Nancy Decker - Intensive Beginning German on the Fast Track

The subject of our Conference will be German on the Fast Track and it is just that -- elementary German and fast! German is an extremely useful language for anyone interested in high tech, continental philosophy, tourism, the automotive industry, beer brewing, protecting the environment, world class soccer, classical music, techno, or dog obedience training (just to name a few). This course allows you to live in the Language Living and Learning Community in close proximity to your classmates learning German as well as to engage in activities to augment what goes on in the classroom.

Kim Dennis - Deconstructing Masterpieces (Honors)

This course will trace the 'masterpieces' of Western art from c. 1400 to the present, learning the original meaning of the word masterpiece and deconstructing its use today.  We will make extensive use of the Cornell Fine Arts Museum and Alfond Inn collection of contemporary art, visiting works of art in person on a regular basis.  Student papers will also focus on works in the collection and class activities will often align with events organized by the museum.

Rosana Diaz-Zambrana - 50 Flavors of Spanish

This is an intermediate-level Spanish course that emphasizes all four language skills: speaking, listening, writing and reading. At the end of the course, you will be able to employ a wide range of language abilities for real-world communication as well as being able to recognize the heterogeneous culture of Latin America and Spain. Throughout several activities that foster your communicative skills, we will explore questions of race, religion, politics, the role of women in society, the arts, revolution, music, immigration, among other topics.

Hannah Ewing - Ottoman History/Mysteries

This class explores the history and culture of the long-lasting Ottoman Empire (ca. 1300 to 1922), partially through traditional history and partially through reading three modern mystery novels set in the empire during different eras. We'll investigate the Middle Eastern empire's medieval roots, massive expansion and evolution as a gunpowder empire, and relationships with its neighbors, all the way to its eventual disintegration following World War I. Students will also get the chance to familiarize themselves with Turkish art and cook (and eat!) Turkish food. (To foster community and cross-cultural study, most students will also be placed in a linked U.S. history class that explores a similar period and political changes.)

Christopher Fuse - Astronomy & NASA

We live in a new era of scientific discovery. Gravitational waves produced by black hole collisions one relay messages from the other side of the Universe, systems of planets and moons have been detected around a host of stars, and galaxies race away from us as the fabric of spacetime expands. NASA is also poised to take humans beyond low-Earth orbit for the first time in more than forty years. The next generation of space capsules and rockets will soon carry humans from right here in Florida. In this course we will learn the basics of physics and astronomy, as well as explore the history and future of NASA.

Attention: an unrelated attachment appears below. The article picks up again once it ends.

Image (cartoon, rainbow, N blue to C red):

Robin Gerchman - Winging It

What is dance improvisation? How does it work? Spontaneous creation of movement = IMPROVISATION!


You invent movement as you do it. Play, let go, act on impulse, listen, and trust yourself! Dance improvisation helps to build confidence, courage, creativity, and teaches us to trust our instincts.
Through exercises we will work to increase skills for strong, clear, spontaneous communication. These experiences will broaden our self-awareness, physical and expressive skills, and strengthen our creative powers.The exploration of different environments will ignite inquiry that will contribute to our understanding of reactive movement. We will also reflectively examine our experiences to help us understand the aspects of time, space, energy, and shape.

Alexa Gordon - RCC 200: Rollins Transition Seminar (Transfer RCC)

More than a third of college students transfer to a new institution at least once within a six year period and Rollins is here to welcome and support you! This course is designed to help transition transfer students into Tars. Together we'll explore a variety of topics including campus support services, academic planning, the components and benefits of a liberal arts education, and finding your place at Rollins.

Kevin E. Griffin - Backstage Pass: A look at the Art & Craft of Theatrical Production

In this RCC course we will be taking a look behind the curtain to see how a theatrical production goes from a collaborative team exploring a written script or open-ended idea to creating a visual and aural world for the action to live within. We will explore the various responsibilities of each of the members of a production design team through readings and guest speaker presentations as well as practical projects involving several design areas. We will specifically explore the two productions at the Annie Russell Theatre during the fall semester. Students will apply the knowledge gained from readings and class discussions/projects regarding design development into a review of the productions based on the successes and/or failures of the design to communicate intentions to the audience. Through the study of the design process student will:

1. Develop a deeper appreciation for, and understanding of the performing arts and how they contribute to the well being of our society.